The Louisiana State Capitol. (Philip Kiefer/The Lens)

The House Committee on Judiciary at the Louisiana state legislature on Thursday heard over an hour of emotional testimony in support of a bill that would give new trials or a shot at parole to around 1,500 people serving prison sentences based on non-unanimous jury verdicts— arguing that the practice was the product of the Jim Crow era, intended to silence the votes of Black jurors and convict Black defendants, and that the state must address its lingering impacts.

Some proponents of the bill see it as an opportunity to bypass an upcoming United States Supreme Court ruling — in a case called Edwards v. Vannoy —  that will determine whether or not an earlier ruling that found non-unanimous jury verdicts unconstitutional should be applied retroactively to people who are still in prison and have exhausted their appeals. 

But after testimony, the bill’s sponsor, Rep. Randall Gaines, Democrat of LaPlace, voluntarily deferred the bill, saying that he would only move it forward if the court in fact makes that determination first. The bill would then act as a legislative mechanism that would ensure there is a pathway to get new trials or parole for those people still incarcerated, he said.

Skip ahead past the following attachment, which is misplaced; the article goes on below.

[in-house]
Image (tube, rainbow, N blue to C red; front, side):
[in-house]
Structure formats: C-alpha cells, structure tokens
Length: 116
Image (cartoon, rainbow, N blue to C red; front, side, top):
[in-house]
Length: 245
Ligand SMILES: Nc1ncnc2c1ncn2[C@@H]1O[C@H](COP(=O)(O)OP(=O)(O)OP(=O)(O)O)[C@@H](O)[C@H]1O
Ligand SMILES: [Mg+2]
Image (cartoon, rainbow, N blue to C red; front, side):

“This bill is to provide an instrument to the state in the event that the Supreme Court comes back with a favorable decision,” Gaines said. He said the decision by the Court would be “determinative of this particular issue.”

It is unclear whether the Supreme Court will even have made a decision in Edwards by the time the legislative session comes to a close. The legislative session ends on June 10, while the Supreme Court term runs until late June or early July. The Edwards case was argued in December, and Gaines said he was expecting a decision from the court “any day now.” 

Jamila Johnson, with Promise of Justice Initiative, a legal non-profit that is working to challenge non-unanimous jury convictions throughout Louisiana, told The Lens after the hearing that she wants the bill to move forward regardless of the Supreme Court decision, and that she was still hopeful it might.